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Episode 12: The Star

Episode 12

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by Lucy
Jun 4, 2016 11:22AM EDT
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(Review of Seasons 1-3) Homeland focuses on Carrie Matthison and her role in the CIA, investigating Nicholas Brody; a Marine who returns to the USA after being a prisoner of war for 8 years and whom Carrie suspects has ‘turned’ by his captors. Half the fun of the first season is trying to work out if Carrie is correct or not in her accusations against Brody and whether or not anyone will believe her. The dynamic between Carrie and Brody is one of the best parts of the show and their relationship in series 1-2 is electrifying. They push and pull each other with words and promises and get in so deep with each others emotions really early on. Using each other for escapism and literally to escape at times, its a very balanced relationship as Carrie needs Brody for the CIA case and to personally live, whilst Brody needs Carrie to support him through readjusting to his new life and working out what needs to be done about his whole ‘double agent’ situation. Carrie is a great ‘grey’ character. She’s ultimately trying to protect her country and save as many lives as possible, on her terms. Her agenda is usually completely different to the CIAs and often better, however her means of getting information and progressing sometimes cause moral conflicts - it’s really interesting to see how she and her team deal with the ethical implications of covert intelligence and how getting information requires stretching everyone to breaking point. Carrie is an intelligent, confident woman who is battling at times in a male dominated field, but goddammit she holds her own 99% of the time and for that in a prime time drama is something we rarely see - a woman refusing to back down over something she believes in, or appears to conform but the goes and does her own thing anyway. Feisty and unpredictable are definitely the two traits Carrie has in spades. Her mood disorder is also an interesting plot point, it’s used against her countlessly, but Carrie herself doesn’t let it stop her from what she does best and pushes through, quite literally, to do the best job she can. You can’t help but not like Carrie, although her methods are sometimes disturbing, she tries so so hard, it’s it’s impossible not to fall in love with her determination. Saul is possibly my favourite character as he’s so old school and just RIGHT about everything in his own gruff and deeply respectful way. He’s a true negotiator and spymaster but not a motivated political player, which at his level is something that makes him seem unworthy of authority to other characters in the CIA. The political, moral and family battles Saul encounters are different to Carrie’s but they interlink and ultimately affect each others decisions and emotions. Brody and his family story arc is painful at times but it gives a glimpse of how hard it is to recover from trauma and rebuild a life. As well as highlighting the intense media scrutiny faced by ‘American heroes’ and politicians. Brody himself is a broken man, and although his time spent with Carrie helps to fix him, he never really recovers fully. Quinn is a character I didn’t really like when he was introduced in series 2, but by the end of the 3rd season, I was really starting to get on board with him and his back story as we learnt more about his character and intentions. He acts as the conscience to Carrie’s often franticness and his level headedness and skills as a dark ops specialist come in very handy. (Also a brief shout out to my favourite intelligence techs Virgil and Max who add some humour to the show and are loyal to Carrie and just really nice normal guys in a world of power hungry politicians and CIA workers). Series 1 rattles through at breakneck speed and nicely balances Carrie’s search for the truth about Brody and Brody’s “dark grey” nature and recovery. The plot to blow up several top US politicians with Brody at its helm and claustrophobic, emotional scenes was a real highlight of the first season. Series 2 continues superbly, with more characters coming into play ( including QUINN) and more choices on Carrie and Brody’s behalf, with Brody making and straining alliances. The season finale bomb explosion was entirely unexpected and striking with character deaths, department reshuffles and parting of ways for many characters after a long series of forming and testing alliances. Series 3 took a LONG TIME to get going, mainly as for the first 4 episodes, the audience for once were in the dark about what Carrie was really up to, which was an ambitious idea, but it didn’t really play off too well from an audience perspective. The remains of the third season was very well done covering new territory (literally) and having a more political/foreign policy feel to it which helped to move away from the “Brody is obviously going to die this season the question is when” vibe. The resolution of the Brody arc and how Carrie experiences some freedom for the first time in a long time. The final scene where Carrie sneakily adds an extra star onto the commemoration wall at the CIA for Brody is beautifully done and if the show had ended there, it would have been a very fitting end indeed.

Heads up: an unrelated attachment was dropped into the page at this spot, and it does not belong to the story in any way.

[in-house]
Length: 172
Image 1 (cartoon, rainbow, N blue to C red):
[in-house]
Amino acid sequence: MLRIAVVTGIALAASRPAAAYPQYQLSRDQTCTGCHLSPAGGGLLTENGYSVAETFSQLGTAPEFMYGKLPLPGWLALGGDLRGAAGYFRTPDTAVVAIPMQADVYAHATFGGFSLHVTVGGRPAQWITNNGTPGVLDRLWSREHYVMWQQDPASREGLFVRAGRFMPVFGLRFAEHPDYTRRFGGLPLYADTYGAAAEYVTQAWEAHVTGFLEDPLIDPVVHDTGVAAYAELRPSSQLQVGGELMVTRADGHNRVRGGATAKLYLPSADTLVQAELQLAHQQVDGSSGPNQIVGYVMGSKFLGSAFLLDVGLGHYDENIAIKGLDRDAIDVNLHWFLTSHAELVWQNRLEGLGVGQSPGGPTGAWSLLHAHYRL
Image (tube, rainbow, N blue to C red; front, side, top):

(Review of Seasons 1-3) Homeland focuses on Carrie Matthison and her role in the CIA, investigating Nicholas Brody; a Marine who returns to the USA after being a prisoner of war for 8 years and whom Carrie suspects has ‘turned’ by his captors. Half the fun of the first season is trying to work out if Carrie is correct or not in her accusations against Brody and whether or not anyone will believe her. The dynamic between Carrie and Brody is one of the best parts of the show and their relationship in series 1-2 is electrifying. They push and pull each other with words and promises and get in so deep with each others emotions really early on. Using each other for escapism and literally to escape at times, its a very balanced relationship as Carrie needs Brody for the CIA case and to personally live, whilst Brody needs Carrie to support him through readjusting to his new life and working out what needs to be done about his whole ‘double agent’ situation. Carrie is a great ‘grey’ character. She’s ultimately trying to protect her country and save as many lives as possible, on her terms. Her agenda is usually completely different to the CIAs and often better, however her means of getting information and progressing sometimes cause moral conflicts - it’s really interesting to see how she and her team deal with the ethical implications of covert intelligence and how getting information requires stretching everyone to breaking point. Carrie is an intelligent, confident woman who is battling at times in a male dominated field, but goddammit she holds her own 99% of the time and for that in a prime time drama is something we rarely see - a woman refusing to back down over something she believes in, or appears to conform but the goes and does her own thing anyway. Feisty and unpredictable are definitely the two traits Carrie has in spades. Her mood disorder is also an interesting plot point, it’s used against her countlessly, but Carrie herself doesn’t let it stop her from what she does best and pushes through, quite literally, to do the best job she can. You can’t help but not like Carrie, although her methods are sometimes disturbing, she tries so so hard, it’s it’s impossible not to fall in love with her determination. Saul is possibly my favourite character as he’s so old school and just RIGHT about everything in his own gruff and deeply respectful way. He’s a true negotiator and spymaster but not a motivated political player, which at his level is something that makes him seem unworthy of authority to other characters in the CIA. The political, moral and family battles Saul encounters are different to Carrie’s but they interlink and ultimately affect each others decisions and emotions. Brody and his family story arc is painful at times but it gives a glimpse of how hard it is to recover from trauma and rebuild a life. As well as highlighting the intense media scrutiny faced by ‘American heroes’ and politicians. Brody himself is a broken man, and although his time spent with Carrie helps to fix him, he never really recovers fully. Quinn is a character I didn’t really like when he was introduced in series 2, but by the end of the 3rd season, I was really starting to get on board with him and his back story as we learnt more about his character and intentions. He acts as the conscience to Carrie’s often franticness and his level headedness and skills as a dark ops specialist come in very handy. (Also a brief shout out to my favourite intelligence techs Virgil and Max who add some humour to the show and are loyal to Carrie and just really nice normal guys in a world of power hungry politicians and CIA workers). Series 1 rattles through at breakneck speed and nicely balances Carrie’s search for the truth about Brody and Brody’s “dark grey” nature and recovery. The plot to blow up several top US politicians with Brody at its helm and claustrophobic, emotional scenes was a real highlight of the first season. Series 2 continues superbly, with more characters coming into play ( including QUINN) and more choices on Carrie and Brody’s behalf, with Brody making and straining alliances. The season finale bomb explosion was entirely unexpected and striking with character deaths, department reshuffles and parting of ways for many characters after a long series of forming and testing alliances. Series 3 took a LONG TIME to get going, mainly as for the first 4 episodes, the audience for once were in the dark about what Carrie was really up to, which was an ambitious idea, but it didn’t really play off too well from an audience perspective. The remains of the third season was very well done covering new territory (literally) and having a more political/foreign policy feel to it which helped to move away from the “Brody is obviously going to die this season the question is when” vibe. The resolution of the Brody arc and how Carrie experiences some freedom for the first time in a long time. The final scene where Carrie sneakily adds an extra star onto the commemoration wall at the CIA for Brody is beautifully done and if the show had ended there, it would have been a very fitting end indeed.